I started to enjoy letting go of the rules and becoming “one with the needs of my project” even though in academia this is sometimes a bit hard to do. But as I let go, I realized that I was creating my own “Labs”--although I might not have used that term at the time--which allowed me to embrace my own writing and thinking style but also benefit and enrich myself with the ideas of others, all the while reaching out and making my work more accessible to a wider audience. At that moment when I broke out from the traditional expectations of the book, while writing a book, I began to build my own Elsa-like ivory tower in resistance to our towering ivory institutional expectations. And even though this tower was not particularly revolutionary--it did not add growth hormones to my short hair to climb down from the tower--It was quite a freeing experience, one that got me unstuck and thinking much more creatively and intuitively about how and what I could accomplish in my work.
So in true lab fashion, I stand before you not as a specialist or a supposed “keynote speaker” because the truth is that I have no key here to open a magic door to a room that will tell you exactly what a Humanities Lab is or how to create your Humanities Labs here at Albion College. On the contrary, the key I would like to use today is one that notes a diversity of spaces and leads us all into a series of exploratory rooms.
SLIDE - 6
My goal today is to discover with you, ways in which the characteristics and conceptual approaches surrounding different lab structures from various disciplines, or what some might call antidisciplines, might inspire and structure your thinking about the creation of your Labs here at Albion. Metaphorically speaking, how might the notion of one room lead us into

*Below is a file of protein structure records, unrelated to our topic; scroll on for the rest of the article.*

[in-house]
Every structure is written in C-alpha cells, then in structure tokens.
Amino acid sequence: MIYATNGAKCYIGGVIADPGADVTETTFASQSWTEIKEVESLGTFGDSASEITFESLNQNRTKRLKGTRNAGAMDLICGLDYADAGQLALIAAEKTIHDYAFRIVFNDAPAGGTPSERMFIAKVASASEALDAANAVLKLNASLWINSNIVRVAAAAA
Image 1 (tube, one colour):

SLIDE - 7
a series of other houses, rooms or spaces that might get us unstuck from the ways in which we have traditionally viewed the purpose and shape of a “Lab.” So, what I wish to do is offer you glimpses of definitions and examples of Labs interspersed with conversation amongst all of us that might possibly redraw, or simply reaffirm the direction of your Mellon initiative. I have decided to keep examples about specific Humanities Labs to a minimum precisely because I see this as a time of opportunity for you to define Albion’s “Humanities Labs” for yourselves. In fact, you may end up finding that you need not one but, as House would say, a series of Labs that might add up to your “Humanities Lab” infrastructure.
Part of the title of this keyless keynote
is what David Edwards in his book Lab: Creativity and Culture calls the Google model, which is to “innovate first, perfect later, share everything, pursue brilliance, dare to dream, and believe that data and money follow the idea.” While the Humanities have way more to offer than Google, data or money, it is the combination of sharing, of pursuing brilliance and of daring to dream that is and always has been quite exciting in our fields. Especially for those of us in the Liberal Arts, our ability to create more flexible and interdisciplinary “pop-up-like” structures steeped in strong traditions and foundations, is what turns these moments, this so-called crisis in the humanities, into an opportunity for us all.
“Labs” serve as a new type of practical research infrastructure, or a superstructure if you will, that allow us to think critically about how to expand on our humanities-based practices in a way that does not “conform fully to a science and engineering based model or previous layers of scholarly infrastructure” (Svensson). In a sense, we now have the opportunity to turn that model on its head, or remix bits and pieces of elements that we find most valuable: